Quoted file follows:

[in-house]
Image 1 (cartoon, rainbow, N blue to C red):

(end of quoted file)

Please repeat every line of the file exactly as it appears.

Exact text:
[in-house]
Image 1 (cartoon, rainbow, N blue to C red):